Of course, drought damages the agricultural sector, which accounts for 7.8 per cent of the country's GDP. As a result of drought and unfavourable conditions in the Atlantic along Namibia's coast, our GDP growth rate this year is not expected to be much more than 2 per cent, as against 5 per cent the previous year. Continued drought also discourages farmers from planning ahead, breeding stocks suffer and, as a result, their ability to recover from the effects of drought is reduced. However, we recognise that Namibia is a drought-prone country; in any one year, we are more likely to have drought than not. We have therefore developed policies to address these problems. The Emergency Management Unit in my office is responsible for providing drought relief: at the last count, this relief was being provided to 163,233 people identified as the most vulnerable and I am very happy to say that not one life has been lost as a result of drought.
In your last interview with World Statesman, you stressed your commitment to a mixed, market economy. Has your attitude changed since?
No. Or commitment to a mixed, market economy has served us well. This is not to suggest that the government wants to enter business. The government prefers to do so only if the private sector is unwilling or unable to provide services or where services to the weaker sections of society have to be ensured. Thus, we will continue to be involved in the provision of health services and education, with the private sector supplementing these services. We have already commercialised other areas, such as telephone and postal services, as a prelude to privatising them. Similarly, work is in progress to privatise the transport sector. Our mixed, market economy is thus no different from that in most European and North American countries.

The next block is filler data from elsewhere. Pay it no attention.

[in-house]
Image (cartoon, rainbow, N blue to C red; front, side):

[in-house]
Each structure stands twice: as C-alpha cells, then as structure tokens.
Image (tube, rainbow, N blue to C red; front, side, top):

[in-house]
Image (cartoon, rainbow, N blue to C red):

How optimistic are you for Namibia's future?
I am not just optimistic about Namibia's future - I am sure of a very bright future for my country. By any measure, we have continued to progress. Our policies have laid firm foundations for continued peace in the country and we are at peace with our neighbours. Within the country, we continue to work to improve the quality of life for our people, and our economy, despite the drought and uncertain prices for Namibia's primary products, has shown tremendous resilience. With the government's efforts to diversify the economy to enlarge the national cake, I know that this country's future is secure.